Home > Death, Grief, Love > I see my mom in me

I see my mom in me

My mom looked especially beautiful the first time she held her first grandchild.

She didn’t think so. She’d lost her hair to cancer treatment. It had just barely grown back in pale silver wisps.

She asked me not to take pictures. I took them anyway, understanding this might be my one and only chance to capture my mom with my son.



I shaved my head for kids cancer charity St. Baldrick’s two years after my mom died.

My mom hadn’t liked how she looked with so little hair, but I?

I hoped I’d look like her.

Her beauty flowed through her eyes and her smile, not her hair.

I didn’t know what to expect as I approached the restaurant bathroom with my newly bald head. Would I like the look? Would I loathe it? Most importantly, I wondered, would I look like Mom?

I wept with joy when I saw my reflection.

I saw my mom in me.

"Reunionized!" -- Dana (photo by Dana S)

Moments before with Dana (Photo by Dana S)

September is Childhood Cancer Awareness Month.

Childhood cancer hasn’t hurt any of the kids I can hold–or could have held–with my arms. I’ve known childhood cancer through words and pictures alone, but, oh! How the kids in those histories–Donna and Aidan and Georgie–have moved me!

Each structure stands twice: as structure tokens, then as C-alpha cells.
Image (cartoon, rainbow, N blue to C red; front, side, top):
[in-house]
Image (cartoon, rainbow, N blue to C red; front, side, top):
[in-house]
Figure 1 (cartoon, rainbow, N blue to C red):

I’ve written many times about childhood cancer and my choice to shave my head. I won’t write at length here, but will renew two requests.

First, please consider donating to the most effective childhood cancer charities; I listed St. Baldrick’s, Alex’s Lemonade Stands and CureSearch previously. Your time, money and/or hair are valuable to these agencies.

Second, please smile instead of staring in quiet dismay when you see bald heads.

If the thought of talking to a stranger terrifies you, consider offering a smile. The power of a smile is enormous.

It’s that smile that shows the light within, and all those beautiful lights within reflected outward that brighten the world for all.

I sure feel shiny.

one month later

My mom lived to see 52. She didn’t die of childhood cancer, but she did love kids–rotund or scrawny, sick or well.

I, too, love kids.

When I act on my love of kids,

I see my mom in me.

mom me n d

  1. September 3, 2015 at 6:12 pm

    beautiful. Thank you!

  2. September 3, 2015 at 6:23 pm